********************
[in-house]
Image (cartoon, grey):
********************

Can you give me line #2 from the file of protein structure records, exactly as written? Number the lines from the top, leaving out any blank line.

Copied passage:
Image (cartoon, grey):